As well as having a long-established culture of club membership, London suffers, like all big urban centres, with issues of isolation and a lack of community. The average age of Wing members is 35, a quarter of them are freelance and live on their phones. For many members, then, The Wing is far more than a workspace.
“I think it’s hard to create an environment that’s conducive to people actually opening up and becoming friends. But we’ve created a warm atmosphere where people can let their guard down,” says Gelman. “We also have the app, so you can find people who have similar interests and reach out to each other. We have members who have planned a trip to Disneyland together, and others who have started businesses.”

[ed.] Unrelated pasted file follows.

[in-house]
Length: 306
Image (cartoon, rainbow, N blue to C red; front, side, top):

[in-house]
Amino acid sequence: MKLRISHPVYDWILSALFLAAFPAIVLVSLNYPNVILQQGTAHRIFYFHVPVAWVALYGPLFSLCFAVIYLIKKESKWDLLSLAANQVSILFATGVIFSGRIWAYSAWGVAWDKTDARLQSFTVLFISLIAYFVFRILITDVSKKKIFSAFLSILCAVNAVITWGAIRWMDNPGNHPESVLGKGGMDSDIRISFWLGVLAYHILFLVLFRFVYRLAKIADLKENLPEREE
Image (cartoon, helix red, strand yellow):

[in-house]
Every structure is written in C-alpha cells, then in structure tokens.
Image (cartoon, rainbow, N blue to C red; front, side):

At a time when 22 per cent of young adults in the UK describe themselves as lonely, The Wing’s focus on connectivity and community makes solid business sense. “I think people join for identity reasons because they want to belong,” says Gelman. “It’s a by-product of the isolation that people have. Everyone’s experiencing life through a feed on their smartphone, and I think it’s very alienating. In American society we’ve always had, obviously, the church and the synagogue and these places, but we’ve also had the junior league and the girl scouts, things that you became part of. So, I would say The Wing is very similar to a women’s college. At college you make friends, you make relationships and you have similar interests. And then you leave college and go into the big bad world of work and there aren’t that many opportunities to make new friends, unless you go to SoulCycle [the boutique gym class that claims cult-like devotees]. We noticed that and thought that’s something you can replicate. But, yes, I reckon it’s a by-product of both identity and wanting to make connections that aren’t just through a screen.”